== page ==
DEVONSHIRE DELIGHTS: Jewelry, furniture, books and ephemera belonging to Deborah, Duchess of Devonshire will go under the hammer at Sotheby’s London on March 2, and the auction will be followed by a show of Cecil Beaton’s photographs of the duchess and her social set.
Known to friends and family as Debo, the duchess was the youngest of the Mitford Sisters, and for half a century the chatelaine of Chatsworth in Derbyshire, one of England’s greatest stately homes.
Her friends included John F. Kennedy, Winston Churchill, Harold Macmillan, Lucian Freud, Evelyn Waugh and Prince Aly Khan. Her wardrobe — which has been left to Chatsworth House Trust, and will not be auctioned — was full of pieces by Hubert de Givenchy, Oscar de la Renta, Balmain and Balenciaga.
She spent the last ten years of her life at The Old Vicarage, a cozy, book-filled 18th-century house in Edensor, a village on the Chatsworth Estate and Sotheby’s said that more than 450 lots of personal belongings and furnishings from her home will be offered for sale. Estimates range from 10 pounds to 40,000 pounds, or $14 to $57,000. Together the sale is expected to realize 500,000 pounds to 700,000 pounds, or $700,000 to $990,000.
Her family said in a statement: “Our mother was very clear about how things should be organized following her death. She left precise instructions for a large number of personal legacies and specific bequests to the Chatsworth House Trust, and the remainder of her possessions she left to us.
“Given the kind of person she was, and the rich and varied life she led, there are more belongings than we can together accommodate. We are keeping items that are particularly precious to us, but we have made the decision to consign the remainder to Sotheby’s.”
The duchess’ archive of personal correspondence — letters, books, manuscripts and documents relating to the Mitford sisters — has been left to Chatsworth House Trust. She was a keen letter-writer, and told WWD in 2009: “I love getting letters. I like the stamp on the envelope and the excitement of the postman arriving. Don’t forget, I’m nearly a hundred years old.”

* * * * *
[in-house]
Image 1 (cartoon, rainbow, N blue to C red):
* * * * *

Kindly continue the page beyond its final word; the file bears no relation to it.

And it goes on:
She was also the author of a string of essays and memoirs, and her prolific correspondence with the late writer Patrick Leigh Fermor was published in 2008.
Objects offered in the sale range from furniture, including Regency chairs commissioned by another Duchess of Devonshire, Georgiana, wife of the 5th duke; objets d’art and artworks acquired by Deborah herself, such as two sketches by Jacob Epstein; photographic portraits of the Mitford sisters, and a clock given to her by Prince Aly Khan.
Jewelry includes a diamond heart-shaped brooch designed by the late duchess’ husband Andrew, the 11th duke, and given to her to mark their diamond wedding anniversary, as well as myriad butterflies, beetles, spiders and caterpillars rendered as brooches in diamonds, gold and gems.
The more than 130 paintings, drawings and prints include works by Lucian Freud, Duncan Grant, and Jo Self, the former artist-in-residence to the Dalai Lama.
Her collection of Elvis Presley ephemera will also be offered, as will items reflecting her love of rural life, including Shetland pony harnesses — she owned and bred over fifty ponies — and forty lots relating to her beloved hens.
Indeed, she once treated Oscar de la Renta to dinner at Chatsworth with her hens and chicks nesting in glass boxes as the table centerpiece. The sale also includes a pair of monogrammed traveling boxes for poultry and a chick-shaped powder compact.
The auction will also feature books inscribed from the Kennedy family and others with dedications from Madonna, Henry Kissinger and Evelyn Waugh. Sotheby’s said the library’s crowning glory is one of only fifty pre-publication copies of “Brideshead Revisited” from 1944 inscribed by Waugh.
The sale will be followed by “Never a Bore: Deborah Devonshire and Her Set by Cecil Beaton,” an exhibition of Cecil Beaton’s photographs of the duchess and her glittering social circle. It will be staged at Chatsworth from March 19 and finish on January 3, 2017.